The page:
|In Moon's Fury, Adams and Clamp return to the world of the Sazi, shape-shifting creatures of different species who co-inhabit with humans. It isn't always easy to grasp the politics that govern the relationships between the numerous packs, people and species, but it is certainly worth the attempt.
Cara Salinas is the deputy sheriff in a small town in Texas as well as the alpha wolf of a small Mexican red-wolf pack in the same area. She's not as confident as a leader and enforcer should be, but she does try to do the best for her pack-members. When a representative of the Sazi council informs her that a pack of Minnesota timber wolves will be immigrating to Texas, she is naturally anxious about the consequences to her family and community. She won't let her attraction to Adam Mueller, who is to lead this expatriated group, get in the way of her other obligations. Not entirely, anyway.
Before Adam and Cara can deal with this problem, others emerge. They have to investigate three murders caused by shape-shifting Sazi and get to the bottom of what looks like a girl-smuggling ring. It also turns out that someone never expected Adam to succeed in his mission in Texas. He must cut short his stay to clean up another, possibly related, mess back home.
Finally, Cara has a more personal issue that has to do with being half-wolf and an alpha female at that: she can't always control her animal instincts and the magnetic pull her hormones have on all surrounding males. Aside from the fact that she's seen what such a condition did to her mother and father, she doesn't want it to get in the way of any future relationship with Adam.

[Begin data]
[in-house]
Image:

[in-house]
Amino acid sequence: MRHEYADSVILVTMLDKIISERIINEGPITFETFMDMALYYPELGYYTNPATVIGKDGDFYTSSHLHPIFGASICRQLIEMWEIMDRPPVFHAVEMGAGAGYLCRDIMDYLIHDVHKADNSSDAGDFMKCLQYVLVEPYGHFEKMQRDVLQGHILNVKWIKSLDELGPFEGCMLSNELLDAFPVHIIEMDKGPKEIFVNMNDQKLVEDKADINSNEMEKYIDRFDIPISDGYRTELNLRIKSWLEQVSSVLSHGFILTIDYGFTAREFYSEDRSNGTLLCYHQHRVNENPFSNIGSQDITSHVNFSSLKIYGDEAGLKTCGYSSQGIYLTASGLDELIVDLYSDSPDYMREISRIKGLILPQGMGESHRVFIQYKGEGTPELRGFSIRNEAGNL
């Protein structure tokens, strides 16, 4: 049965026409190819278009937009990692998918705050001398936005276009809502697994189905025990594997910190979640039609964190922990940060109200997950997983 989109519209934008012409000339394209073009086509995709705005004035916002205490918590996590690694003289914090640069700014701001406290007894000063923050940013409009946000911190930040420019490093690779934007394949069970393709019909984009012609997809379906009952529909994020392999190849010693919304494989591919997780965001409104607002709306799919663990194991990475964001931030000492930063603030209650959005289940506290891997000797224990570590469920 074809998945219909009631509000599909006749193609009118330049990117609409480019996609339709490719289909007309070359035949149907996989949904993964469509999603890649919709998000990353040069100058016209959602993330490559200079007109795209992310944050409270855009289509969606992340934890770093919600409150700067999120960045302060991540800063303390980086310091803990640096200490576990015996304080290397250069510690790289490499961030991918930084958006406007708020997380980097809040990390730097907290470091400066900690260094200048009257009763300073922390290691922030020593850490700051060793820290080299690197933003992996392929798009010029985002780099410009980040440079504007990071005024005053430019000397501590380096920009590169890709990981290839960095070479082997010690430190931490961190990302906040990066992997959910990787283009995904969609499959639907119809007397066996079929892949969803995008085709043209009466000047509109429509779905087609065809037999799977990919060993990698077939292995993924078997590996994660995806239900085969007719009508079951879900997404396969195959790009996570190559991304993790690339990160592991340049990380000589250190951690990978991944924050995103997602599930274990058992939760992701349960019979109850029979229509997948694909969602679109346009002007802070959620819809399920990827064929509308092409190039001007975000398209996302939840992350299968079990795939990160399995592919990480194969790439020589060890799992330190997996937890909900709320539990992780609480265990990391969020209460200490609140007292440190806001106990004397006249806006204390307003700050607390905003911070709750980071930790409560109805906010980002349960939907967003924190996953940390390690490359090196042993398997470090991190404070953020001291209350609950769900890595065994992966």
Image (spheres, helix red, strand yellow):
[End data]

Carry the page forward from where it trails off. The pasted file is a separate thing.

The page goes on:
By focusing on complicated pack politics and on the difficulties of balancing a human and an animal self, Adams and Clamp have created a fascinating but credible world. As they struggle to do the right thing for themselves and their pack-members, Cara, Adam and their Sazi allies confront fairly complex issues related to leadership, community, and individual freedom. Similar questions have plagued more than one sociologist and political theorist. While the novel doesn't engage (and rightly so) in heavy-duty theorizing, it doesn't reach for simplistic solutions. The Sazi leadership acknowledges the pitfalls that necessarily follow any decision taken. This makes for a thought-provoking but riveting read. It also results in characters who are far more multi-facetted than the average super-powered paranormal creations.
Needless to say, Moon's Fury has several different story lines going. This helps maintain the pace, but it isn't always a smooth ride. New characters keep appearing. Some of them will be familiar to fans, who may well delight in seeing old favorites in new roles. As a first-time reader, I had a much harder time understanding their relevance and their purpose.
There were also moments when I seriously doubted the major mystery would be resolved. In fact, I can't say that I closed the book completely satisfied, at least where the suspense plot was concerned. Enough questions are left open to warrant at least one other book. No matter how much I like this alternate world, I prefer a more stand-alone approach. After all, the Sazi are compelling enough to draw me back on their own merit.